Sarbanes Oxley Whistleblower Protection Deficient
The Sarbanes Oxley Act (“SOX”) provides protection for certain whistleblowers of public companies who report violation of SOX, mail fraud, wire fraud or SEC law and have a reasonable belief there is a violation.1See Section 806 of SOX. It was designed to prevent another Enron.
The whistleblower only has 180 days after the retaliation to file a complaint with OSHA. 806 (b)(2)(D).
The initial results have been dismal.
Sox protection poor:
“The Wall Street Journal reported on September 4  that out of 1,273 complaints filed with the Department of Labor under this whistleblower protection provision since 2002, the government has ruled in favor of the employee only 17 times and has dismissed 841 cases. Many of these cases have apparently been dismissed on the grounds that the employee worked for a corporate subsidiary, because the Department takes the position that subsidiaries are not covered by the statute. * * * . . . [W]e can clearly state that it was by no means our intention to restrict these important whistleblower protection to a small minority of corporate employees or to give corporations a loophole to retaliate against those who would report corporate fraud by operating through subsidiaries.” From September 9, 2008 letter from Senators Patrick Leahy and Charles Grassley to Secretary of Labor Elaine Chao. The Labor Department started allowing whistleblowers to attempt to prove that the subsidiary they worked for was an “agent” of the public company.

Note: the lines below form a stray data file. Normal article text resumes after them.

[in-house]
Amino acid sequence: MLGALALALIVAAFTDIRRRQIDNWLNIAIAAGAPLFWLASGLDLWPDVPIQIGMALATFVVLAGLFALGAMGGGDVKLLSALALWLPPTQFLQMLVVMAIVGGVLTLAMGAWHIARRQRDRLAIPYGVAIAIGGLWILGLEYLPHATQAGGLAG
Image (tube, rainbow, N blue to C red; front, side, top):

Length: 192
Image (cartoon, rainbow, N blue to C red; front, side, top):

Tollefsen Law has litigated several SOX whistleblower cases. The brief we filed requesting a Writ of Certiorari in the United States Supreme Court covers the essential background material on SOX whistleblowing protection. Petition for Writ of Certiorari: Tides-Neumann-Cert-Petition
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|1.||↑||See Section 806 of SOX.|